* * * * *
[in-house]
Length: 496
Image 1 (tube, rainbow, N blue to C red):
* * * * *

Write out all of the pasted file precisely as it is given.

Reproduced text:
[in-house]
Length: 496
Image 1 (tube, rainbow, N blue to C red):